201: Why is 'symptom' pronounced that way?

Learn the many variations of the letter 'o' pronunciation.


Hi again, and welcome back to Seattle Learning Academy's American English Pronunciation Podcast. My name is Mandy, and this is our 201st podcast.

I recently received a quick little email from a person named Sara who said:

Hey, I have a question about a word. The pronunciation book says that "consonant-o-consonant" should always sound the short "o" sound, but the word 'symptom' (----tom) sounds different. I hope you can answer my question. Thank you.

Sara's question talks about the pronunciation book, but I want all you listeners to know that the same information she's referring to is available on the website: www.pronuncian.com. I'll link to the lessons I talk about here on this episode's transcript page.

Sara's question actually brings up a lot of things. First, be careful with thinking that anything should always be pronounced a certain way in English. English just has very few instances of something always be pronounced only one way. Because of this, there a few areas of the book and website to help with this problem. Both the book and the website cover all of the sounds of English, and, along with listing common spellings for each sound, it also lists pronunciations that are also possible for that spelling.

So, if I look at the short o lesson I see one common spelling, the consonant-o-consonant spelling. This means that if a single letter 'o' is between two consonants, or even is the first letter of the word, it might be pronounced as a short o. The examples in the lesson are the words 'odd,' 'box,' and 'shock.'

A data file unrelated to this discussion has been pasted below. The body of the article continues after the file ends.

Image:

Then the next column of the spelling table lists other pronunciations for each spelling. For the consonant-o-consonant spelling, it lists both the long o sound and the aw sound. An example of the 'o' spelling being pronounced as a long o is the word 'most,' and an example of it being pronounced as the aw sound is the word 'dog.'

Now that I've told you all that confusing stuff about the consonant-o-consonant spelling, let me tell you that the letter 'o' in the word 'symptom' is none of those pronunciations. Yay!

Before you get too frustrated with this, though, know that there is still a reason that the 'o' in the word 'symptom' is not pronounced with the long o, short o, or aw sound. The reason is syllable stress and schwa. The word 'symptom' is a two-syllable noun. The two-syllable noun stress pattern tells us that two-syllable nouns tend to be stressed on the first syllable, and the word 'symptom' does follow this pattern. Yay again!

This leads us to schwa, that nasty little sound that also happens to be the most common vowel sound in English. Schwa sounds like (uh) and it usually occurs on syllables adjacent to a stressed syllable in a word. Schwa is also nearly easiest to hear when it is spelled 'o' because it is so different from the other typical pronunciations for the letter 'o' when it's on a stressed syllable.

Listed for the (uh) in 'symptom.' Symptom.

Other examples of the letter o pronounced as schwa are following words:


Now that you know the three common pronunciations for the letter 'o' on a stressed syllable, and the fact that it is usually pronounced as schwa, or (uh) on if it falls on an unstressed syllable next to a stressed syllable, there is still one last thing to know about, and those are non-phonetic words. Non-phonetic words just don't follow a pattern. You can think of them as exceptions to the patterns.

The book and the website address non-phonetic words for each sound and in the non-phonetic words sections you'll find that sometimes there is still a letter 'o' between two consonants that still doesn't follow the patterns I told you about just a bit ago. For instance, the words 'from' and 'mother' and 'brother' are all pronounced with a short u sound.

My point of getting into so much detail with the word 'symptom' is so you really can see how you have to take all the phonetic patterns and the whole word into account when using spelling to help you with pronunciation.

Thanks for the question, Sara, and thanks to all of you for listening to this Seattle Learning Academy digital publication. SLA is where the world comes to learn. Thanks for listening.